Building franchisee network sales though social media – Top 10 Common franchise social media mistakes [Part I]
Social media has been around for long enough now in the UK to expect some basic levels of use by all franchise brands, however the range of success varies massively and there are plenty of common mistakes that are regularly made. Here’s just a few of the social media blunders that franchisors and franchisees are making in 2015:
1. No Social Media Manager – does your business have a member of staff with social media in their title or job description? This could be an indication that your franchise business strategy is not taking the marketing opportunity that social media represents seriously enough. Franchise businesses should at the very least calculate how much of their marketing budget they are putting towards social media and make the minimum of one person responsible for the business social media strategy.
2. Out of date profiles – perhaps not quite as bad as having a Christmas profile in July as the photo suggests however many brands fail to keep their profiles up to date.
As a rule brands should keep their cover photos and images on social networks especially Facebook and Twitter seasonally relevant. At the very least all information should be up to date if at all time sensitive. Make sure your brand logos and photos are up to date and consistent.
3. Losing the personal touch – social networks are ‘social’ for a reason and even if you’re a B2B company then make sure you are not simply a business name and number. Bring some life into your social media activity and think a little left-field to provide interesting content that your customers will find interesting. Whenever you can, try and respond with a real person’s name to give that personal human response.
4. Over promotional posting – no matter how good your offer is, don’t be too sales orientated. Social media is there to interest your followers and even if you have the best ever promotion or special offer regarding your latest product or service then your posts about it should only constitute a small fraction of overall activity. As a rule of thumb 10% to 30% of your social media activity should relate directly to what it is you are selling. The other 70-90% of your content should be related to your industry and your clients’ interests.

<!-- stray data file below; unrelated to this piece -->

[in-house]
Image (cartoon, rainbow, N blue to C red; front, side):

5. No Email Capture – social media offers a variety of advantages and marketing opportunities to franchise brands both for the franchisor and franchisee but if you are not capturing data then you are missing a trick. The end goal is to communicate a message to sell your product or services and increase the number of potential franchisee leads you receive once you have convinced the reader that your brand is for them. To make the most of this it is important to find a way of converting your interested followers into prospects with email address. This can be done in a number of ways with competitions, free guides and general added value propositions that have enough perceived benefit to warrant giving away that information.
Find out more about how to improve you franchise social media strategy by speaking to Franchise Intelligence and learning how you can train to make the most of the opportunity.
Join our Franchise Internet Social Forum here.
Connect with Richard Dancy
Franchise Intelligence Senior Consultant
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